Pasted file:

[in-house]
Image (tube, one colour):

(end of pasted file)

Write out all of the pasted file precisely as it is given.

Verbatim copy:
[in-house]
Image (tube, one colour):